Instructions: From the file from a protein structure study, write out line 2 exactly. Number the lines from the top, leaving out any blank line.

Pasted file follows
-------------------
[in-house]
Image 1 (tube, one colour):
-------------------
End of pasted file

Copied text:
Image 1 (tube, one colour):